Robert Simmons had been working with incarcerated men since 1998 and thought he’d seen everything. But in 2010, he met a grandfather, a father and a grandson—all of them inmates at Buncombe County’s Craggy Correctional Center.
“I saw how things are passed down from one generation to the next. That was a wake-up call for me,” says Simmons. And it underscored his resolve to help thwart that cycle.
Leaders of Buncombe County’s ACE Collaborative learned quickly that bringing agency professionals and community members together in the name of resilience-building was harder than it sounded.
Sometimes the leaders’ invitations to trainings or guest speakers drew just a trickle of response. Other times, the room crackled with tension—on one side, representatives of Buncombe County Health and Human Services (the backbone and fiscal agent for the Mobilizing Action for Resilient Communities project); on the other, community members wary of a government agency and unsure about why they’d been asked to the table.
“It was not comfortable at first,” says Jan Shepard, the county’s health division director. “We had to sit back and say, ‘We’ve got to let the community tell us what their needs are and in what ways we can support that.’ That was harder than any of us thought. It was an enormous growth exercise for everyone.”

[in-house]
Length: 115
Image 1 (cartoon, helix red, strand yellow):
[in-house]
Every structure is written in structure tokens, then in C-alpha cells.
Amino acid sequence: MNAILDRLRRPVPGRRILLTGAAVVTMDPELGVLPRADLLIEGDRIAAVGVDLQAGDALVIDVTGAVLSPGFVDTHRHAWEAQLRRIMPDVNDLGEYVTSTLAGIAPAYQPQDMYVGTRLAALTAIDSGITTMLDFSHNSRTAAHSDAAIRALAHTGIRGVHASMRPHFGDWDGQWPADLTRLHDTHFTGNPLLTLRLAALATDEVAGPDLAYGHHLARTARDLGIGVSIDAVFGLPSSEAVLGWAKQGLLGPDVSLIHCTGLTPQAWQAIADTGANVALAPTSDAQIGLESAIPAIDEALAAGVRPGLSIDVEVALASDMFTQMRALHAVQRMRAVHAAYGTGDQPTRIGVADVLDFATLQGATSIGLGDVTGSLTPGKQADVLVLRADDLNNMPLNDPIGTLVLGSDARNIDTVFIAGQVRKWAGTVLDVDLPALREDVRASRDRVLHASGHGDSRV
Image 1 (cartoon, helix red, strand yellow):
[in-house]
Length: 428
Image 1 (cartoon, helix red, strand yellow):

Not long ago, Jan Shepard, Public Health Division Director of Buncombe County Health and Human Services, attended a presentation about the county’s still-in-the-works family justice center. Planners envision the center as a nexus of care and remedy—a place, for instance, where a survivor of domestic violence could speak with law enforcement officials, counselors and advocates in a single “safe place,” rather than having to navigate a fragmented system of providers.
Even though the presentation focused on the bricks-and-mortar aspect of the new center, a visiting speaker from San Diego talked about ACEs and trauma. For Shepard, that moment connected the dots: early adversity, family violence, supportive approaches and the ways various systems in the county—education, medical care, human services—are responding to new understandings of health and behavior.
Those changes are, at least in part, a result of the Buncombe ACE Collaborative, formed in 2012 to educate the medical and mental health communities about ACE assessment. The group grew from a learning collaborative—parents, educators, mental health and human service professionals who reviewed the literature on ACEs, created a handbook listing trauma and resilience resources and began piloting those materials with clients they were serving.
The Health Federation of Philadelphia serves as a keystone supporting a network of Community Health Centers as well as the broader base of public and private-sector organizations that deliver health and human services to vulnerable populations.